“These people are very open and very hungry. And I think I laid a basis for this years ago and I began to say, ‘I love Muslims and Muslims love me’,” Hickey says.

She invited “CBSN: On Assignment” to join her on her eighth visit to Pakistan in July. Correspondent James Brown traveled with Hickey on the 20-hour trip that began in New York, stopped briefly in Dubai and landed in Lahore at 3:30 a.m. local time, two days later.

Brown asked Hickey why she’s been so accepted in Muslim countries. Hickey responded, “I think it’s a God thing. Years ago, I started praying over every country in the world, every day. And when I would hit the Muslim countries — I had such a warm feeling for them.”

When she arrives in Lahore, she is greeted like a matriarch by members of a local Christian church. The parishioners give her flowers, hug her and call her “mom.”

Despite the greeting, Hickey says she likes to keep things a little bit low key. “I don’t want to draw attention. I want to look very simple, very harmless. Here’s some lady, you know, she’s stupid, she’s a woman, she’s old, what can she do? And you get to do everything. I don’t want to look big, but I do advertise big. When I get in the country, I do big time advertisement.”

Pastor Anwar Fazal is hosting Hickey’s visit. He’s like the Billy Graham of Pakistan, and leads its largest evangelical church of 30,000 members. Fazal says he owes his success to Marilyn Hickey because she impacted him so deeply during her first visit in 1995. He became a Christian and followed in Marilyn Hickey’s footsteps in 2006 when he started an international TV ministry which today reaches over 200 countries.

FULL ARTICLE FROM CBSN

The Only Muslims Hollywood Likes Are The ‘Secular’ Ones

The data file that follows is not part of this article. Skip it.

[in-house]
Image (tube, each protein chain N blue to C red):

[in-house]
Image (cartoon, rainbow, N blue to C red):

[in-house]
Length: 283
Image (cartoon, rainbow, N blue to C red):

the big sickThere’s a phrase that’s become common in the reviews and write-ups of The Big Sick, a romantic comedy that debuted in theaters in late-June: “culture clash.” The film, which was produced by Judd Apatow, stars Pakistani-American actor Kumail Nanjiani. It’s Nanjiani’s first lead acting role, and the movie — which is based on his real-life romance with white American screenwriter Emily V. Gordon — documents their courtship, and his efforts to reconcile their relationship with the expectations of his parents, who continuously try to set him up with “young, single Pakistani girls.” This is where the tension of the plot lies: between Nanjiani and his family, between a white girl and his Pakistani heritage. When Gordon suddenly falls sick and is hospitalized, Nanjiani is compelled to choose between the two.

Early on, the film sets up an obvious narrative conflict. On one side, we have Emily, played by a blonde Zoe Kazan, and her parents, Beth (Holly Hunter) and Terry (Ray Romano). Nanjiani meets Gordon at a comedy club, on what is ostensibly a one-night stand that turns into something more. Her parents, who show up when Emily gets sick, are flawed but well-meaning; their shortcomings are eclipsed only by the obvious love and affection they have for their daughter.

On the other side, we have Nanjiani, son of Pakistani Muslim immigrants, Azmat and Sharmeen, played by Anupam Kher and Zenobia Shroff. The two characters embody every stereotype conceivable about brown Muslim parents: overbearing, disappointed in their American offspring, eager to get their hapless son married to the nearest single brown young woman. Nanjiani’s parents appear almost exclusively in scenes where they invite young women to family dinners in the hopes he might fall in love with them. These young women appear, too, with no backstory or very little dialogue, clinging hopelessly to an antiquated tradition. How silly these women are — not like Nanjiani, who is enlightened enough to pursue a white woman. In one critical scene in the film, as he’s arguing with Emily about the viability of their relationship, he yells, “I’m battling a 1,400-year-old culture!”

FULL ARTICLE FROM GOOD